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Matrices |

The Matrices component defines matrix containers that are optimized for parallelism and parallel versions of common matrix operations (e.g. Add, Transform, Multiply). PTL's matrix operations work on matrices of primitive types (e.g. int, long, float, double).

PTL matrices can have RowMajor or ColumnMajor layout (see the MatrixLayout enumeration in the documentation). PTL's matrix operations do not support all combinations of matrix layouts because some combinations do not lend themselves to fast and efficient parallel execution due to processor and memory architecture. Please read the class and method documentation to understand which layout combinations are supported for each operation.

The Matrix class offers very fast conversion between RowMajor and ColumnMajor layout using the Copy and PCopy methods. PTL does not do these conversions automatically when a specific layout is required for a method because even if the conversions don't add a significant overhead in speed, they add a significant overhead in memory allocation. Often, the new matrix is reused many times in subsequent operations, so we let the user control the matrix layout and conversions.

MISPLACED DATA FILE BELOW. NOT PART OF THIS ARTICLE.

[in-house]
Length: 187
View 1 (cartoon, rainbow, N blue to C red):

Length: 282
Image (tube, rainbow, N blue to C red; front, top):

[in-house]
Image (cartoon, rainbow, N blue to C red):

- PTL offers parallel versions of all of its matrix operations (e.g. addition, multiplication) that are extremely easy to use. PTL's parallel methods are always prefixed with a "P" (e.g. PMultiply) and have the exact same parameters and usage as their sequential counterparts (e.g. Multiply).
- PTL's MatrixOper classes contain both matrix-matrix multiplication and specialized matrix-vector multiplication methods for better performance.
- If the number of matrix rows/columns is much greater than the number of processor cores on your system, PTL's matrix operations scale extremely well with the number of cores.
- PTL's Matrices component for Java contains both the generic Matrix<T> class and specialized Matrix classes — MatrixInt32, MatrixInt64, MatrixFloat, MatrixDouble — in order to achieve maximum performance for its matrix operations in Java. These specializations are necessary because Java's generics implementation does not support value types (e.g. int, long, float, double), so we cannot instantiate Matrix<int> in Java (like in C#). PTL's specialized Matrix classes are much faster than using Matrix<Integer>, Matrix<Long>, etc.